There has been a settlement at Chislehurst for over a thousand years. The Anglo Saxon name means ‘stony wood’, appropriate even today.
Until the arrival of the railways in 1865 Chislehurst was very much a rural community, with a few large houses such as Kemnal, Frognal, Scadbury and Camden surrounding the Chislehurst commons. Two events in quick succession changed that forever. First, the arrival of the railway in 1865 enabled merchants and professionals from the City of London to commute easily up to town, and the arrival, in 1871, of the exiled Emperor Napoleon III of France put Chislehurst on the map: it became a fashionable place to live.
The building boom that followed over the next fifty years changed Chislehurst beyond recognition. Much of the building was of large, high quality, Victorian mansions, and later, of smaller houses in the Arts and Crafts style, designed by some of the best architects at work at that time, some of whom came to live here themselves. We are fortunate that much of this building remains intact today.
The boom almost led to the disappearance of the commons themselves, but action by local residents resulted in an Act of Parliament preventing the Lord of the Manor from selling or developing the commons, thus preserving these open spaces for us all to enjoy. Later action by local residents have preserved Petts Woods and Scadbury Park for this and later generations’ benefit.
Between the wars many more people came to live here, leading to another building boom, this time of smaller, more modern, houses. The Chislehurst Society started in 1934 as a residents’ association to ensure that the new residents were able to obtain the transport and support infrastructure they and their families needed.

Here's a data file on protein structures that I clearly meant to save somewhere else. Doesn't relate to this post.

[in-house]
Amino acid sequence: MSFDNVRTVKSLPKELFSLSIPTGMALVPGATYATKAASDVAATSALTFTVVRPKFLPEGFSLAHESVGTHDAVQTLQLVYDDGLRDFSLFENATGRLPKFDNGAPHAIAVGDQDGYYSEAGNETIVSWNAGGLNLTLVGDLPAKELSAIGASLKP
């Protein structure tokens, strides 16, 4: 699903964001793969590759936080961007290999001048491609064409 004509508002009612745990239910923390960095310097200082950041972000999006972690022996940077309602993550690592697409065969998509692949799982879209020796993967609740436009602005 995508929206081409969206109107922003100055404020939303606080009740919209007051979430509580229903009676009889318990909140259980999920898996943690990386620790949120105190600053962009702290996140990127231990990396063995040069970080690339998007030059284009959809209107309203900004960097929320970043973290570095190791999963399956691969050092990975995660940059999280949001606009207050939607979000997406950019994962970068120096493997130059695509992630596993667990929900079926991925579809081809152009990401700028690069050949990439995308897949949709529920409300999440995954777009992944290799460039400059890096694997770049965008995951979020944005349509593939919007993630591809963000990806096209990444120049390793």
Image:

Chislehurst is unique amongst London suburbs not least because of the relationship between the village and its Commons. While Chislehurst Commons are not as extensive as some others, they are more integrated with the village, and it is the integration of buildings and Commons in the heart of Chislehurst that gives it a special character which exists nowhere else in Greater London.
The Trustees of Chislehurst Commons
The Commons were preserved from further enclosure and development by the actions of local residents in the late 19th Century, and the Commons Conservators (now known as the Trustees of Chislehurst Commons) have protected and managed them ever since. Their preservation is only secure as long as the Trustees are able to continue their work, and for this they need funds. Visit their website by clicking here.
History notes, other links, and walks around Chislehurst
- The first mention of Chislehurst is in 973AD, so there has been a settlement here for more than a thousand years. We have prepared a short history.
- We have collected over one thousand different images, drawings or plans of Chislehurst. These are available for view here…
- We receive many requests for information from members and others who are researching Chislehurst. We will be publishing some of these, together with our responses. Click here to see Researchers’ queries.
- We have updated and reproduced Mary Holt’s personal study of the conservation area. Find out more
- Famous people born or who lived in Chislehurst are featured in our Chislehurst Lives
- Many renowned architects were active in Chislehurst, particular during the years between 1870 and 1930. More information about them and their work is shown here.
- We have prepared notes of published sources on Chislehurst and links to websites featuring information of relevance to residents. Most of the published sources are available for sale.
- There are numerous walks in and around the village and Commons. Click here to see a note of our footpaths.
- A tour of Chislehurst, named Chislehurst History Today has been devised, with images of Chislehurst as it was, and as it is now. You can access this tour here…
- Click here to download the Chislehurst Architects Town Trail – The “Cattwalk” – devised by Roy Hopper.